of the positive sciences knowledge ends; for the naive supposition that an object can exist without a subject; for the marvelous delusion that observation and experiment are capable of revealing things new and old without the aid of mental synthesis or of psychological volition; for the charming inconsequence that we perceive phenomena and are therefore ignorant of reality. But equally, no basis can be found for the idea that philosophy has means of access to some special knowledge denied science; that one can afford to neglect science in favor of rational forms; that the conclusions of physics, chemistry and biology are subject to revision at a higher tribunal; or that the work of the sciences is a monstrous delusion. On the contrary, there is every reason for insisting that science and philosophy are interwined inextricably—much more inextricably now than they could have been in Newton's time. Both work upon the same closed universe. This is the important fact, even if science inquires, What is it? philosophy. What does it mean? Nay, both questions are unanswerable, and so the two disciplines alike end in approximation and hypothesis. As Eo- manes has put it, "The 'Origin of Species' first clearly revealed to naturalists as a class that it was the duty of their science to take as its motto what is really the motto of natural science in general, 'Felix qui potuit rerum cognoscere causas,' not facts, then, or phenomena, but causes or principles are the ultimate objects of scientific quest." They are the objects of philosophical quest also, as Romanes shows else- where. In a word, to become conscious of its own fundamental prin- ciples, science must transform itself into a kind of philosophy, while to become acquainted with its own illustrative material, philosophy must transform itself into a kind of science. This way lie harmony and progress. We expect the twentieth century to furnish forth the im- perative eirenicon. It can not come too soon.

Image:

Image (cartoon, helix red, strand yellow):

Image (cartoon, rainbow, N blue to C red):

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POPULAR SCIENCE MONTHLY.